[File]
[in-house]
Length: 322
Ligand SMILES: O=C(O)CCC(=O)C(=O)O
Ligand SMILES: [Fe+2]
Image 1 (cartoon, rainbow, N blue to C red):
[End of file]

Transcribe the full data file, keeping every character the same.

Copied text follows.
[in-house]
Length: 322
Ligand SMILES: O=C(O)CCC(=O)C(=O)O
Ligand SMILES: [Fe+2]
Image 1 (cartoon, rainbow, N blue to C red):